Does Realism Interfere with Periodization Schemas?
Event: Public talk
Location: NEC conference hall & Zoom
21 June 2022, 17.00-19.00 (Bucharest time)
Christopher WOOD, Professor and Chair, Department of German, New York University (Affiliated Faculty, Department of Comparative Literature and Institute of Fine Arts)
The public talk will take place at the NEC, but the audience is kindly asked to rather resort to the Zoom transmission since our conference hall cannot accommodate more people than the ones engaged in the seminar.
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Meeting ID: 826 4054 1798
Scholars of sixteenth- and seventeenth-century Western art have the most doubts about the significance of the historical period they study. Medievalists know that their object of study is remote; modernists know that their object of study is nearby. But how close to us is Renaissance and Baroque or so-called “early modern” art? This paper will suggest that there is a structural reason why Renaissance and Baroque art creates difficulties for periodization.
The reason is that Renaissance and Baroque art is essentially realist. Realism is a cultural project which modern philosophies of history have had trouble assimilating. This is because periodization schemas since the nineteenth century are all teleological, that is, they assess the past on the basis of its directedness towards the present. They ask: does an historical phenomenon point toward the world we know, or not?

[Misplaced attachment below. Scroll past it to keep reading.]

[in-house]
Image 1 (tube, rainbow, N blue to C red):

I would argue that realism—the attempt to depict the way things are—is always a bad fit within philosophies of history which attempt to bestow meaning, especially redemptive meaning, on history. This is because realism as a project has its own internal, convergent momentum which transcends particular cultures, which cannot so easily be recruited to self-serving modernisms, and which finally has no meaning.
This event is organized within Periodization in the History of Art and its Conundrums. How to tackle them in East-Central Europe seminar series, a program supported by the Getty Foundation as part of its Connecting Art Histories initiative.